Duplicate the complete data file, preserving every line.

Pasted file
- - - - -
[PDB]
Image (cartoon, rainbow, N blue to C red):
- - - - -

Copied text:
[PDB]
Image (cartoon, rainbow, N blue to C red):